A Longquan celadon 'Dragon' jar and cover, Southern Song dynasty (1127-1279). Estimate 150,000 – $200,000 USD. Photo Christie's Image Ltd 2015
The body is carved with upright petals below a scrolling band on the rounded shoulder which is applied with a dragon and a bird that encircle the neck below the rim. The cover is surmounted by a bird-form finial. Both are covered with an unctuous glaze of soft sea-green color that thins on the raised areas, and also covers the inside of the foot. 10 ½ in. (26.7 cm.) high, box
Provenance: T. T. Tsui Collection, Hong Kong.
Sotheby's London, 19 June 2002, lot 36.
Literature: The Tsui Museum of Art, Hong Kong, 1991, no. 45.
Notes: Covered dragon jars were popular during the Southern Song period and have been excavated from Song tombs in southern China. The conventional wisdom holds that such jars were made in pairs, one with a dragon coiled around the shoulder and known as a panlong ping, or 'coiled-dragon jar', and the other with a tiger around the shoulder and known as a panhu ping, or 'coiled-tiger jar'. Likely filled with grains, other foods, or aromatic oils, their contents offered sustenance to the spirit of the deceased and eased its passage to the next life.
The dragon-and-tiger imagery reflects Daoist directional symbolism, in which a green dragon represents the east, a red phoenix the south, a white tiger the west, and a black intertwined snake and tortoise the north. According to the principles of fengshui, or Chinese geomancy, tombs traditionally were constructed with their entrances facing south, their backs to the north. With north and south thus clearly indicated by the tomb’s architectural orientation, the east and west walls were symbolically designated by the appropriate placement of the dragon-emblazoned and tiger-embellished jars. Imbued with less elevated symbolism, the cover’s finial typically represents a bird in flight, as on the present example, or a recumbent dog or tiger.
Suzanne G. Valenstein’s characterization of Southern Song Longquan celadon ware and the related jar in the Metropolitan Museum of Art (34.113.4) perfectly summarizes this handsome example: “Decoration on Southern Song Longquan wares is always underplayed: perhaps a few lotus petals carved on the outside of a bowl or dish or, at most a plastic decorative element that is totally appropriate to the piece. This is exemplified here by the beautifully articulated dragon that winds around the shoulder of the jar.” (Suzanne G. Valenstein, A Handbook of Chinese Ceramics, New York, Metropolitan Museum of Art, 1989, text on p. 100, dragon jar illustrated on p. 105, no. 99.)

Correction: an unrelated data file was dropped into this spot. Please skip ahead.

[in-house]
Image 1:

A very similar jar, formerly in the collection of Lord Cunliffe, is published in J.J. Lally & Co., Chinese Ceramics A.D. 400–1400: Selections from an American Collection, March 19 - 31, 2007, New York, 2007, no. 19. A pair of jars in the Percival David Foundation Collection, now displayed in the British Museum, is published by Margaret Medley inIllustrated Catalogue of Celadon Wares, London: Percival David Foundation of Chinese Art, School of Oriental and African Studies, 1977, pl. IV, no. 36. An example excavated at Longquan and now in the Wenzhou Museum is published in Zhu Boqian, ed., Longquan Yao Qing Ci / Celadons from Longquan Kilns, Taipei, 1998, pl. 105. Another similar jar in the Asian Art Museum, San Francisco, (B62P147.a-.b) is illustrated in He Li, Chinese Ceramics: A New Comprehensive Survey from the Asian Art Museum of San Francisco, New York, 1996, no. 281. A slightly smaller example is pictured in Illustrated Catalogue of Tokyo National Museum: Chinese Ceramics, vol. 1, Tokyo, 1988, no. 509. The somewhat simpler dragon jar in the Eli Lilly Collection and now in the Indianapolis Museum of Art (47.141) is published in Yutaka Mino and James Robinson, Beauty and Tranquility: The Eli Lilly Collection of Chinese Art,Indianapolis, 1983, pl. 78.
Robert D. Mowry,
Alan J. Dworsky Curator of Chinese Art Emeritus, Harvard Art Museums, and Senior Consultant, Christie’s
Christie's. FINE CHINESE CERAMICS AND WORKS OF ART, 17 - 18 September 2015, New York, Rockefeller Plaza